"Even so many years later," she said, "I still suffer a lot."
But she bears no ill will, she said.
"I told Mr. Yang that I respect what he believes in if he respects what I believe in, and I promised I would not discuss politics during this exchange. I also told him I wasn't angry at any people in China."
With this understanding, the two started the long preparations necessary for a group of Americans to visit Kaiping. Following the first visit Schaser and a group of organizers began paving the way for a group of Chinese students to visit Eureka. That process proved even more difficult.
The Chinese applied several times for permission to leave the country to visit Eureka. The first time they were rejected. The second time, permission was granted and later withdrawn following the bombing of the Chinese Embassy in Yugoslavia by the United States in May 1999.
In October the exchange group began discussing how to return the $15,000 it had raised from donors like the Eureka Rotary Club, St. Joseph and General hospitals and the Andreas Wagner Foundation. But in mid-November Chinese officials contacted Schaser with the news that the trip was approved and the students would be arriving -- in two weeks. Host families were hastily called, a schedule was set up, and Dec. 1 the students landed at the Arcata-Eureka airport.
Schaser sees the exchange as the most direct form of diplomacy.
"We're connecting with people at the grassroots," he said. "We can do all this political stuff, but people-to-people connections is what it's all about.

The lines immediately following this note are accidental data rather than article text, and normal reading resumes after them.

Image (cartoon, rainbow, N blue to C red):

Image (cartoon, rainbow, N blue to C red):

"The students who went over with me will never be the same. Once they stepped around the redwood curtain and found out there's a world out there -- one far different from our world -- they were changed.
"And I know these Chinese kids are changed. They were changed when we went over; just the initial contact with the outside world was a big deal for them.
"When I spoke to the student body over there about the Internet, they didn't have a clue what it was. They came up to me asking me, `What is this World Wide Web.' Now they all have e-mail addresses."
Vic Lee agrees that the exchange between Kaiping and Eureka is an important step.
"I think that now is the information century so to know each other is very important. The American students have come to our school, and we had some communication. Now we come here for another kind of communication. I want to taste the real American's life. This experience is very important."
He hesitates, looking for just the right word, knowing that "important" is not strong enough. He searches on his electronic dictionary and finds a better one.
"I think our chance to come to America is very precious."